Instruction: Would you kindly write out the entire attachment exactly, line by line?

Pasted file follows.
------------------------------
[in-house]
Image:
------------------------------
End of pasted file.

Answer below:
[in-house]
Image: